From non-league to the Championship, Akpo Sodje's past managers recall 'raw talent'

Idoro AKPOEYERE UJOMA SODJE - Akpo to his growing list of Easter Road admirers - has a natural inclination to make things brief.

Chopping his forename by 15 letters, trawling through short stints at 12 clubs throughout a decade-long career, and making an impact at Hibs in double-quick time since his January transfer - it all comes as part of the package.

Now 31, Sodje is finally settled, a first pick under Colin Calderwood, and scoring at a rate not seen since his days at a modest non-league club. A circuitous route from youngster at Queens Park Rangers ten years ago to Edinburgh earlier this year took in the outpost of Erith and Belvedere as well as the role of hero in the Steel City derby with Yorkshire giants Sheffield Wednesday.

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After Sodje this week labelled his move from Charlton to the Capital as one of the best of his career, Hibs fans and boss Calderwood will hope his talisman stays put for longer than usual.

After starting out as a youngster at QPR, Sodje dipped into non-league football with Stevenage, Margate, Gravesend and Northfleet, and Heybridge Swifts before eventually finding his niche as a fearsome frontman at Kent club Erith and Belvedere and winning a move to Huddersfield Town. That was followed by a subsequent successful spell at Darlington, then Port Vale, by now commanding a transfer fee of 250,000, which Sheffield Wednesday were only too willing to pay. He may have struck single figures during two seasons in Yorkshire, but wrote his name into Hillsborough folklore with two goals in a Steel City derby against United that helped secure Wednesday's first "double" over their city rivals for 95 years.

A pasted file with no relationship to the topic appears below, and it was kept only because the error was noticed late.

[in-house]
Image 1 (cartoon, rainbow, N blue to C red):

From a famously football-mad family, Akpo had partnered brothers Sam (while at Stevenage), Steve (Erith and Belvedere), and Efe (Huddersfield) at various points throughout his football years. After failing to find form at The Valley, Sodje chose to move north to open a new chapter in a colourful career.

The Evening News spoke to the managers who played the biggest part in shaping the Sodje that Hibs fans savour today.


Sodje played under Laws for Sheffield Wednesday from 2007-2010

Laws introduced to Sodje's career a piece of the big time: The Championship, the Sheffield derby, and a 40,000-seater stadium. The former Burnley manager, out of work since leaving Turf Moor in December, recalls a striker whose work ethic was second to none but whose bad luck with injuries put paid to a more productive spell at Hillsborough. "I knew a lot about Akpo for a few years prior to buying him for Sheffield Wednesday, and I had come up against him as Scunthorpe manager," said Laws, latterly Burnley manager and now out of work. "He had always been a threat but was a bit raw. We decided to take a plunge and bought him for a quarter of a million pounds.

"I've got to say he is one of the nicest lads I've worked with: his manner, his professionalism. He had a difficult time at Wednesday, something of a talisman and outstanding when he was fit. But he went through an awful period of just getting fit and then his hamstring would go, and he had a massive block of injuries.

"He's very unique, an athletic lad, and he loved chasing the ball. He wouldn't give up on anything - if there was an empty crisp packet blowing in the wind, he'd chase that. He had too many injuries and I felt for him, otherwise he would have been a regular in the team.